On Obama, survey shows yawning gap between foreign-policy elite and general public
Are you a fan of Barack Obama‘s handling of major foreign-policy issues so far? If so, there’s a greater chance that you are a member of the Council on Foreign Relations than a member of the general public. A new survey being released today by CFR and the Pew Research Center for the People & ...
Are you a fan of Barack Obama's handling of major foreign-policy issues so far? If so, there's a greater chance that you are a member of the Council on Foreign Relations than a member of the general public.
Are you a fan of Barack Obama‘s handling of major foreign-policy issues so far? If so, there’s a greater chance that you are a member of the Council on Foreign Relations than a member of the general public.
A new survey being released today by CFR and the Pew Research Center for the People & the Press shows that members of the Washington elite view the U.S. president’s stewardship of American foreign policy in a much more favorable light than the average observer on the street. On issues ranging from terrorism to climate change, Iran, Iraq, China, Guantánamo, even immigration, CFR members surveyed overwhelmingly approved of the president’s actions so far. Joe Sixpack? Not so much.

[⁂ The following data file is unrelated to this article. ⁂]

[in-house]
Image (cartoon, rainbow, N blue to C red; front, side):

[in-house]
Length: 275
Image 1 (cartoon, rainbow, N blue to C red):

“The public expresses mixed views of Barack Obama’s foreign policy performance so far,” says the survey report, an advance copy of which was obtained by The Cable, “More approve than disapprove of his handling of terrorist threats and global climate change, but the balance of public opinion is negative when it comes to his handling of immigration policy, Afghanistan, Iraq and his decision to close the U.S. military prison in Guantanamo Bay.”
“Members of the Council on Foreign Relations offer far more positive assessments of Obama’s foreign policy in almost all areas.”
Entitled “America’s Place in the World,” the survey polled more than 600 members of CFR and 2,000 members of the general public, comparing expert and amateur perceptions of not only Obama’s performance one year in, but also their views on many of the top foreign-policy issues of the day.
The disparity was actually quite large. For example, 83 percent and 81 percent of CFR members approved of Obama’s handling of Iraq and Guantánamo, respectively, whereas the general public gave approval ratings of 41 and 39 percent on those issues.
Obama’s work on Iran, climate change, terrorism, and China were all rated in the 70s by the experts, dozens of points higher than when rated by people without a full-time job in foreign affairs. Only 33 percent of the ordinary Americans surveyed praised Obama’s work related to the rise of China.
The one issue where both groups have a majority negative opinion of Obama’s foreign policy? Afghanistan. Only 42 percent of CFR members and 36 percent of the general public approved of Obama’s work on that issue, although to be fair, that was before he announced his new strategy on Tuesday.